By Lurie Daniel Favors of Afro State of Mind
Sometimes, despite our intentions, our hair plans simply…fail. We get a great idea and maybe we jump in head first without really thinking about how to make that idea actually work.
That can happen when you make the initial decision to go natural too. A lot of women think that they can just grow their hair out and voila—a beautiful head of natural hair, twist outs and fierce Afros will follow. Little do these unsuspecting sisters know that transitioning from chemically straightened hair to natural hair is indeed a process.
This seems to be the road that one woman went down when she tried to go natural—and simply couldn’t make the transition. As reported over at Clutch Magazine, this sister wanted to go natural and began growing out her roots, but due to a variety of missteps, she was ultimately unsuccessful. She confessed:
I got the bright idea to go natural so I could run, practice yoga and take swimming lessons without scrambling to restyle my hair afterward. I grew obsessed with the wild, coiled, spiky look. Never mind I hadn’t shampooed, rolled or flat ironed my own hair in over 12 years or I only had a mere two inches of new growth attached to inches of bone straightness. I could still achieve a full ‘fro with the right product, Nikki Walton’s “Better Than Good Hair” and step-by-step instructions on a few YouTube videos, right? Wrong.
I was naïve about transitioning. Having been dependent on relaxers for nearly 25 years, I knew nothing about my natural hair other than it was coarse, itchy and lacked body when it was time for a touch-up. And despite the line of demarcation warnings, I still thought all that grease and water would prevent my thick strands from snapping.
Now when the article first posted the author took a lot of heat and some folks were super critical of her inability to transition. But I for one really appreciated her honesty. Especially since as I describe here, after I Big Chopped, I too gave into my own insecurities and slapped a texturizer on my head. Le sigh…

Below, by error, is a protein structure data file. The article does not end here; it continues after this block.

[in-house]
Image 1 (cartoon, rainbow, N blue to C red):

Listen, for those of us who started combing our hair after our mothers let us get perms, there is simply no reason to think we will know what the heck we are doing without some serious help.
Don’t Fail to Plan
If you’re thinking about going natural I strongly encourage you to do your homework first. Don’t just get addicted to hair porn and watch youtube videos of women who have a certain “type” of natural. When you’re just starting out you may have no idea what kind of texture you have so you need to be open to a variety of possibilities.
You have to be willing to get to know your hair. Are your coils kinky? Are they a loose curl? What is your curl pattern? What are the uniquely awesome things that your hair can do? For women who have a history of completely turning their hair care over to someone else, this can be a scary process. But getting familiar with your own head of hair really is part of the “going natural” process.
That said, you should also locate a professional natural hair stylist—someone who is familiar with helping women transition from one type of hair to another. This is especially true if you are someone, like the woman in that article, who typically outsources your hair care.
If managing your chemically straightened hair was not something you took care of on your own, it can be a major shift to jump in and care for your hair through the transition process. There are a number of styles that are useful when you have two different types of hair on your head (i.e. natural roots and straight ends) and you need to know how to achieve looks that will let you be comfortable with your process. A professional can help you navigate this transition.
What is Your Natural Hair Motivation?
Finally, try to figure out why it is you want to go natural in the first place. Everyone doesn’t have a “going back to the Motherland” experience when they cut out their perm. But by choosing to embrace the hair that grows out of your head in this society you may find that you need to unlearn some of the values that you had while wearing straight hair.
For example—finding the beauty in natural hair can be a challenge when you’ve spent two or three decades lusting after long, flowing, straight hair. Learning how to appreciate the unique awesomeness of kinky hair can be a bit difficult when you were raised to avoid nappiness like the plague. Unless you challenge those beliefs, chances are you may find transitioning to be a much harder process to get through.
The good news is that if you prepare properly, tap into a support group (whether online or in real life), and most importantly, educateyourself, you greatly increase your chances of a successful transition.
Either way—it is important to remember that loving yourself is one of the first keys to success. How about you? What was your transitioning process like? Were there tips that worked for you or advice that was a waste of time? Sound off in the comments.
For more of Lurie’s writing, check out her book “Afro State of Mind: Memories of a Nappy Headed Black Girl. You can also find her on Twitter, Facebook and YouTube.